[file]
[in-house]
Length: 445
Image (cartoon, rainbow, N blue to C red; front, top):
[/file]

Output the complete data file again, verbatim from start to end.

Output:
[in-house]
Length: 445
Image (cartoon, rainbow, N blue to C red; front, top):